weekend away - Ahmedabad
Written by Graham Simmons
The city of Ahmedabad used to be called the ‘Manchester of the East’ for its thriving textile industry. But Ahmedabad’s vibrancy beats that of any piece of cloth
Ahmedabad is the largest city in Gujarat, an Indian state that has given the world Mahatma Gandhi, go-ahead Chief Minister Narendra Modi, and some of the world’s top computer scientists. Gujarat is also a state of exquisite Jain temples, a prosperous business community, and ancient trading ports.
The colours of Gujarat are showcased in two colour-drenched Ahmedabad markets: the clothing and dyestuffs market at Sabarmati; and the night market in the Law Garden precinct. The Sabarmati market is in the grounds of the must-visit Gandhi Ashram, which includes an outstanding museum dedicated to Gandhi’s life and work. The night market offers a wide range of fabrics including the gold-rimmed zari sari-cloth – with street magicians, jugglers, and camel-ride handlers adding an atmosphere of fun. The astonishing bicycle market, taking up a whole street near Panchkuva Gate, is also worth a visit.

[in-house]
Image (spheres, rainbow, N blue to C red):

One of the world’s finest textile museums, the Calico Museum of Textiles, lies in the northern suburbs of Ahmedabad, in Shahibaug opposite the under-bridge near the Rani Shakti Mandir temple. The museum boasts such riches as tie-dyed Bandhani cloth, with a staggering 100,000 threads per square metre. Unfortunately, guided tours – from 10.30am to 12.30pm, and 2.45 to 4.45pm daily except Wednesdays – are the only way to see the collections; and visitors are strictly regimented: no late arrivals, no cameras, and no sniffing the exhibits.
For a leap from the traditional to the über-modern, check out the Amdavad ni Gufa underground art gallery, next to CEPT University. The gallery was built by B. V. Doshi, a colleague of famous architect Le Corbusier. Adjacent to the gallery is the very popular Zen Café, proving that in Ahmedabad, as in all modern cities, it’s caffeine that makes the world go round.
THINGS TO DO
Check out the near-unbelievable delicacy of the stone tracery at the Sidi Sayyed Mosque, near Sardar Bagh (garden) and Nehru Bridge. Equally impressive are the twin Shaking Minarets of Siddi Bashir mosque (in Khadiya precinct), which vibrate in unison but have withstood severe earthquakes.
Wander along the Sabarmati River, sharing the road along its banks with camel carts, donkeys, and friendly locals. For a complete contrast, drive through the frenetic Nizampur precinct, with its ornately carved balconies, animated street zoo, and honking, smoke-spewing autorickshaw gridlock.
WHERE TO STAY
The new 5-star business-style Pride Hotel (Judges Bungalow Road; www.pridehotel.com) is highly recommended, despite being a little way from the city centre.